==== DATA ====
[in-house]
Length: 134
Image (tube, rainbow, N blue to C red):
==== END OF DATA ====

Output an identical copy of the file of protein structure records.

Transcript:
[in-house]
Length: 134
Image (tube, rainbow, N blue to C red):